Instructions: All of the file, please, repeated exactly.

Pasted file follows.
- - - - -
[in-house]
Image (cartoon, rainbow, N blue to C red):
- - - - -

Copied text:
[in-house]
Image (cartoon, rainbow, N blue to C red):